Notes: Summary Neuropeptide Y (NPY) has been shown to inhibit insulin secretion from the islets of Langerhans. We show that insulin secretion in the insulinoma cell line RIN 5AH is inhibited by NPY. 125I-Peptide YY (PYY) saturation and competition-binding studies using NPY fragments and analogues on membranes prepared from this cell line show the presence of a single class of NPY receptor with a Y1 receptor subtype-like profile. Inhibition of insulin secretion in this cell line by NPY fragments and analogues also shows a Y1 receptor-like profile. Both receptor binding and inhibition of insulin secretion showed the same orders of potency with NPY 〉 [Pro34]-NPY 〉 NPY 3–36 〉 〉 NPY 13–36. The Y1 receptor antagonist, BIBP 3226, blocks NPY inhibition of insulin secretion from, and inhibits 125I-PYY binding to, RIN 5AH cells. Northern blot analysis using a Y1-receptor specific probe shows that NPY Y1 receptors are expressed by RIN 5AH cells. Y5 receptors are not expressed in this cell line. Neuropeptide Y inhibition of insulin secretion is blocked by incubation with pertussis toxin, implying that the effect is via a G-protein (Gi or Go) coupled receptor. Neuropeptide Y inhibits the activation of adenylyl cyclase by isoprenaline in RIN 5AH cell lysates, and the stimulation of cAMP by glucagon-like peptide-1 (7–36) amide (GLP-1). It also blocks insulin secretion stimulated by GLP-1, but not by dibutyryl cyclic AMP. Hence, we suggest that NPY inhibits insulin secretion from RIN 5AH cells via a Y1 receptor linked through Gi to the inhibition of adenylyl cyclase. [Diabetologia (1998) 41: 1482–1491]
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  • 9
    ISSN: 1432-0428
    Keywords: Islet amyloid polypeptide ; amylin ; Type 2 (non-insulin-dependent) diaibetes mellitus ; mRNA ; streptozotocin ; dexamethasone ; rat
    Source: Springer Online Journal Archives 1860-2000
    Topics: Medicine
    Notes: Summary The response of the islet amyloid polypeptide gene to chronic dexamethasone treatment in adult rats was investigated. After 12 daily injections, rats were severely underweight and fasting blood glucose levels were elevated. When pancreatic mRNA was analysed, a 16-fold elevation in islet amyloid polypeptide mRNA was observed with only a fourfold increase in insulin mRNA levels. Pancreatic islet amyloid polypeptide and insulin mRNA levels were also determined 12 days after streptozotocin treatment. In these rats, which were not severely diabetic, the reduction in islet amyloid polypeptide mRNA levels was sixfold less than the reduction in insulin mRNA levels. In both these models of diabetes the ratio of islet amyloid polypeptide to insulin mRNA levels was raised. This would not be expected if the physiological role of islet amyloid polypeptide is as a simple hyperglycaemic agent opposing insulin action or release.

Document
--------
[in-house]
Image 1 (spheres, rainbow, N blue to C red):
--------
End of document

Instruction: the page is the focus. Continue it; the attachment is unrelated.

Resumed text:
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  • 10
    ISSN: 1432-0428
    Keywords: Islet amyloid polypeptide ; man ; intravenous glucose tolerance test ; Type 2 (non-insulin-dependent) diabetes mellitus ; radioimmunoassay
    Source: Springer Online Journal Archives 1860-2000
    Topics: Medicine
    Notes: Summary The presence of islet amyloid polypeptide in amyloid within pancreatic islet cells in Type 2 (non-insulin-dependent) diabetes, and its reported inhibition of glucose uptake by skeletal muscle in vitro, has prompted speculation concerning its role in the pathogenesis of diabetes. We investigated the effect of infused synthetic amidated human islet amyloid polypeptide (mol. wt. 3904, confirmed by mass spectroscopy) on intravenous glucose tolerance. Seven healthy, non-obese volunteers (age±SD, 27±4 years) were infused over 50 min with normal (0.9%) saline or islet amyloid polypeptide at 50 pmol·kg−1·min−1. After 20 min, a bolus of 0.5 g/kg glucose was given within 1 min and blood sampling continued for up to 60 min. Circulating concentrations of islet amyloid polypeptide reached at steady state were 1130±90 pmol/l. The calculated half-life was 11.8±0.9 min, metabolic clearance rate 5.7±0.6 ml·kg−1·min−1 and apparent distribution space therefore 94±12 ml/kg. However, islet amyloid polypeptide was found to have no effect on the peak value reached, or the total area under the curve for plasma glucose, insulin or glucagon following intravenous glucose. This study suggests circulating islet amyloid polypeptide may not be an important influence on intravenous glucose tolerance in man.